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Characterization of LE3 and LE4, the only lytic phages known to infect the spirochete Leptospira

Abstract : Leptospira is a phylogenetically unique group of bacteria, and includes the causative agents of leptospirosis, the most globally prevalent zoonosis. Bacteriophages in Leptospira are largely unexplored. To date, a genomic sequence is available for only one temperate leptophage called LE1. Here, we sequenced and analysed the first genomes of the lytic phages LE3 and LE4 that can infect the saprophyte Leptospira biflexa using the lipopolysaccharide O-antigen as receptor. Bioinformatics analysis showed that the 48-kb LE3 and LE4 genomes are similar and contain 62% genes whose function cannot be predicted. Mass spectrometry led to the identification of 21 and 23 phage proteins in LE3 and LE4, respectively. However we did not identify significant similarities with other phage genomes. A search for prophages close to LE4 in the Leptospira genomes allowed for the identification of a related plasmid in L. interrogans and a prophage-like region in the draft genome of a clinical isolate of L. mayottensis. Long-read whole genome sequencing of the L. mayottensis revealed that the genome contained a LE4 phage-like circular plasmid. Further isolation and genomic comparison of leptophages should reveal their role in the genetic evolution of Leptospira. Recently, there has been a renewed interest in bacteriophages for their potential use as alternatives to conventional antibiotics 1 , and also in understanding their contribution in evolution of bacteria 2,3. In addition, phages could be used to develop new genetic tools such as replicative vectors from different compatibility groups and phage-delivery systems. Unfortunately, little is known about the diversity of phages among the genus Leptospira. Leptospira are ubiquitous organisms that are found as free-living saprophytes in environmental water and soil, or as pathogens that can cause acute or chronic infections in animals. A third group that is composed of intermediate species (in regards to their pathogenesis) of Leptospira, is phylogenetically closely related to the pathogenic species and can cause mild infections 4. Leptospirosis is an emerging waterborne zoonosis which results in more than one million human cases a year with a fatality rate frequently exceeding 10% 5. To the best of our knowledge, the only phages that have been isolated, purified, and phenotypically characterized in the genus Leptospira are: vB_LbiM_LE1 (renamed 6 , and abbreviated LE1), vB_LbiM_LE3 (LE3), and vB_LbiM_LE4 (LE4) 7. These tailed phages have been isolated from urban sewage and infect the saprophyte L. biflexa. The LE1 temperate phage genome was previously sequenced 8 and an Escherichia coli-L. biflexa shuttle vector was generated by cloning the replication origin of LE1 9. Until now, the virulent phages LE3 and LE4 have not been further characterized at the genomic and proteomic levels. In addition to these three phages, phage-like particles were also observed following mitomycin C induction of a pathogenic strain carrying a circular plasmid with phage-related genes, but these phage-like particles were not purified 10. Recently, comparative analyses of genome sequences have suggested the existence of prophages and genomic islands within the genus Leptospira 11,12. Putative prophages are found in infectious Leptospira species, including pathogenic and intermediate species, and absent in saprophytic Leptospira species, suggesting that phages may have had a major role in the emergence of the pathogens and/or in the acquisition of virulence factors. Analysis of the complete genomes of 20 Leptospira species led to the description of several predicted prophage regions 11 , including LE1-like and Mu-like prophages. In addition, the existence of two other groups of prophages have been proposed: a 22-kb region which was initially described in L. interrogans serovar Lai but that is present in most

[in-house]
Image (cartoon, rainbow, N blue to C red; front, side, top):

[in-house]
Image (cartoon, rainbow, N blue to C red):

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Olivier Schiettekatte, Antony Vincent, Christian Malosse, Pierre Lechat, Julia Chamot-Rooke, et al.. Characterization of LE3 and LE4, the only lytic phages known to infect the spirochete Leptospira. Scientific Reports, Nature Publishing Group, 2018, 8 (1), ⟨10.1038/s41598-018-29983-6⟩. ⟨pasteur-02098135⟩

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